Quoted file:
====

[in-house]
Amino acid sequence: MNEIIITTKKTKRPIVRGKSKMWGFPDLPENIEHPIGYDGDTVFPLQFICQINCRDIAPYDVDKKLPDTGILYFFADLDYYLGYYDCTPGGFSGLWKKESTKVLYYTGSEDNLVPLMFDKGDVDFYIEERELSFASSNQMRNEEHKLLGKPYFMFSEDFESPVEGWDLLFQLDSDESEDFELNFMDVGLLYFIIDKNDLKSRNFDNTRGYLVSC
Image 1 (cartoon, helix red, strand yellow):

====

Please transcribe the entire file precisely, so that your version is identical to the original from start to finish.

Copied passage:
[in-house]
Amino acid sequence: MNEIIITTKKTKRPIVRGKSKMWGFPDLPENIEHPIGYDGDTVFPLQFICQINCRDIAPYDVDKKLPDTGILYFFADLDYYLGYYDCTPGGFSGLWKKESTKVLYYTGSEDNLVPLMFDKGDVDFYIEERELSFASSNQMRNEEHKLLGKPYFMFSEDFESPVEGWDLLFQLDSDESEDFELNFMDVGLLYFIIDKNDLKSRNFDNTRGYLVSC
Image 1 (cartoon, helix red, strand yellow):